So lastly, the biggest problem with being a fashion hobbyist is really how it might hold you back when you start to think about going pro. Now, going pro in fashion is really starting to understand your market segmentation, spending more attention to your consumers, and less attention to what your own personal taste and preferences are. That’s more of the mentality of the fashion hobbyist, right? What are your personal tastes and preferences? What do you feel like making? But once you create a business that is geared towards selling to a consumer, you might find that the products that you’ve created are not scalable. You might find that you’re not built for profitability. You might also find that you have to make some tweaks and changes in order to speak to the customer who you have in mind that you really want to be working with. So, in order to stop yourself from that painful gap, it’s very important to ask yourself, “Okay, do I want this to be a business? How big do I want this business to be? What is the startup capital that I’m willing to invest to see if this can go anywhere?”
And start small. You can still do the same handmade process, the same kind of maker feeling of doing things, you know, on your own, but at least you’re doing so with some parameters and you understand that you’re actually testing the waters to see if this can actually be something. How exciting is that? To be able to have raw skill and talent and be able to turn that into its own profitable business. That is something that not a lot of business owners have, right? Some business owners are strong on business, but need help with the creative side. You as someone who is a creative, who knows how to make things, who loves that process, have on your hands a potential gold mine if you’re willing to add the parameters and get a little bit of strategic advice on how to scale and maybe grow up your budding idea.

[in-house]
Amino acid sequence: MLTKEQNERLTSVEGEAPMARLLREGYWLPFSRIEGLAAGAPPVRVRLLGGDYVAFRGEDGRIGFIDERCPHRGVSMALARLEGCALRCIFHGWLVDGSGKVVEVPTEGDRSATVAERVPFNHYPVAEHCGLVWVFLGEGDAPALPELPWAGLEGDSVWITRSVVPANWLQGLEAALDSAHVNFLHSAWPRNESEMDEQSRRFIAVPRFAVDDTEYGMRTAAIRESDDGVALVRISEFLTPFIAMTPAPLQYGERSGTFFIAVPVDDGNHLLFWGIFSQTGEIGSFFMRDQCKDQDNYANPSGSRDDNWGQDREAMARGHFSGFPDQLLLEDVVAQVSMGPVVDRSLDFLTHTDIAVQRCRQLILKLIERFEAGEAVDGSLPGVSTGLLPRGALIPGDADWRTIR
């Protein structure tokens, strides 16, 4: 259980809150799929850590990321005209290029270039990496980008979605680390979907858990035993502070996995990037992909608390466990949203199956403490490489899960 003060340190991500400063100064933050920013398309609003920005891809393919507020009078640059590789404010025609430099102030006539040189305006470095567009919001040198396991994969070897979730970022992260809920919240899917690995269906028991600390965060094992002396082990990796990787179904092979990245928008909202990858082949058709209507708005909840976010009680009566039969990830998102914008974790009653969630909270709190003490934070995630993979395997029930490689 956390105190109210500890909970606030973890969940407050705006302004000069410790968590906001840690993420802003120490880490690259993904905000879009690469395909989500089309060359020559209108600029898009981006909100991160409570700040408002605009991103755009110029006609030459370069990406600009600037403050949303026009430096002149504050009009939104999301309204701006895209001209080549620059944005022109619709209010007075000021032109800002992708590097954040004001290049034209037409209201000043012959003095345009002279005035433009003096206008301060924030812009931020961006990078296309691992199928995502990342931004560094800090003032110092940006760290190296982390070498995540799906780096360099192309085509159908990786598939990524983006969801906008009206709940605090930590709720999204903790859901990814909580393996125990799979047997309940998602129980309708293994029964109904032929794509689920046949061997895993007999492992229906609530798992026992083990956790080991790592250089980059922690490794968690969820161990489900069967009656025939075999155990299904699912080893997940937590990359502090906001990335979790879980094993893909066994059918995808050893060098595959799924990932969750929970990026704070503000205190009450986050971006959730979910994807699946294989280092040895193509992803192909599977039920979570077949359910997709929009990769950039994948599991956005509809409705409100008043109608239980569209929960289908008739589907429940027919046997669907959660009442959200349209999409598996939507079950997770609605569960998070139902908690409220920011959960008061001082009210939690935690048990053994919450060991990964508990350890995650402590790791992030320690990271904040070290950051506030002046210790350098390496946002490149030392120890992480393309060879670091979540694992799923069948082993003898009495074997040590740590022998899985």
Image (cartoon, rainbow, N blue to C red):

All right, guys. Get more on this topic on our top 10 reasons why you should not be starting a fashion business. Super duper interesting, really great in-depth content, people are starting companies you shouldn’t be. So, find out, maybe you should not be starting a business, right? Maybe you actually should be doing something else. So make sure you download our top 10 reasons in that blog post, take a read, super interesting stuff. And then, if you do think you’re ready to start that business, do download our 21-point checklist on how to start a fashion company. I guarantee, it’s the most amazing checklist, it will help you through so many of the hurdles that are taking you from fashion hobbyist, to fashion startup, fashion business entrepreneur.
All right, guys. Thank you so much for watching, please make sure you leave a comment below, do subscribe to our channel, and head on over to scalingretail.com to see all of the amazing services that we provide for businesses that are starting up, scaling up, and those enterprise companies out there. When you’re ready, shoot us an email. We are at firstname.lastname@example.org and @scalingretail on Instagram. In fact, we are where you are. Talk to you soon. Bye.
Are you ready to turn your hobby into a full-fledged fashion design business? Start by downloading your free copy of our “21-Point Checklist to Launch a Brand”!